a return to the 50s – an impossible dream?

Anyone who believes in traditionalism has to face the reality that the prospects for traditionalism are not good. The fact that there are large numbers of people who identify as “conservatives” is no help at all given that the overwhelming majority of these people are simply right-wing liberals. They accept the liberal program pretty much in its entirety. The fact that there are still reasonable numbers of people who identify as Christians is no help either since most modern Christians accept the liberal program to a horrifyingly large degree.
Of course there is always the chance that a major crisis will trigger a collapse of the current order but given that traditionalists have no established support base from which to work there’s no guarantee that even a collapse of the existing order will usher in a traditionalist revival.
So what do we do if a full-scale traditionalist revival proves to be impossible? Is any compromise possible?
We’ve learnt from bitter experience that compromise with liberals is dangerous. It’s a concept that liberals generally speaking do not believe in. Any attempt by traditionalists to compromise with liberals would have to be made from a position of strength, and traditionalists would need to display an implacable determination to stake out positions of principle and defend them.
What kind of compromise could be possible anyway? If you’re a full-blown traditionalist you realise that the rot set in in the 18th century with the Enlightenment. A return to a pre-Enlightenment society seems like a very remote possibility. What about a return to the 1950s? that would be OK wouldn’t it?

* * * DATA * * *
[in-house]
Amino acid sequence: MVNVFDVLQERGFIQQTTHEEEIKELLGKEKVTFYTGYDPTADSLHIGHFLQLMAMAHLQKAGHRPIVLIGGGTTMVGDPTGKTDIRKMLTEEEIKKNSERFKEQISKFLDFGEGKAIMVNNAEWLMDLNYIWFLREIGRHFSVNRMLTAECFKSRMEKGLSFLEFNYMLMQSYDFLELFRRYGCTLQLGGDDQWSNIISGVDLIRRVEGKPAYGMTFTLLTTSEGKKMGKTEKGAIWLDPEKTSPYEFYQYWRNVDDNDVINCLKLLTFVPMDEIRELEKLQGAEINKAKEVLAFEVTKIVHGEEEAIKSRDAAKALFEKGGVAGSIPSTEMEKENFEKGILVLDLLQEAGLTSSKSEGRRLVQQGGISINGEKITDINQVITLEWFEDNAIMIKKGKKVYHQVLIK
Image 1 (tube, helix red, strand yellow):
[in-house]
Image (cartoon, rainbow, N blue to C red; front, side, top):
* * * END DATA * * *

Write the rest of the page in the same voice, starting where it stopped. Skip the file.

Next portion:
The 50s weren’t too bad. Christian churches were still Christian. The congregations were mostly actual Christians and there were even actual Christians to be found in the hierarchies. Marriage was still fairly healthy. Most people got married and most people made a real effort to make their marriages work. There was plenty of pre-marital sex but that’s to a large extent exactly what it was – couples who were intending to get married jumping the gun. Lamentable but not disastrous. Divorce was still fairly unusual. Mothers actually raised their children. And those children were still being raised in a moderately satisfactory way. Schools were not vehicles for homosexual propaganda. Traditional sex roles still existed after a fashion. A woman could admit to being a housewife without being sneered at. Multiculturalism had not been invented. Homosexuals enjoyed a fair degree of de facto toleration as long as they were discreet, and as long as they refrained from proselytising and kept away from children. Children in the 50s had not been sexualised. Crime rates were low. People still believed they could trust the police, and even more surprisingly in most cases they could.
The trouble with a restoration of the 50s is that under the surface there were forces eating away the foundations of society. The process of weeding out believes in believers in traditional values had already begun in the universities, the media and the entertainment industries and anti-traditionalist were slowly gaining a foothold in the churches. There were two further dangerous anti-traditionalist forces – democracy and capitalism. Democracy isn’t something that has suddenly become broken. It was a bad idea from the outset and representative democracy was never workable. Voters make bad decisions and the whole process is largely a sham anyway. 
Capitalism is another problem. I don’t necessarily subscribe to the view that capitalism should be destroyed. I think it should be controlled. Rigidly controlled. Difficult, but not necessarily impossible.
So the 50s could never be restored in their entirety because the society of the 50s was a society already programmed for self-destruction. A society with many of the good features of that decade might be possible but mechanisms would need to be found to prevent cultural infiltration, democracy and capitalism from doing their work of destruction.
It’s probably not a likely scenario but perhaps it does no harm to toss ideas around.
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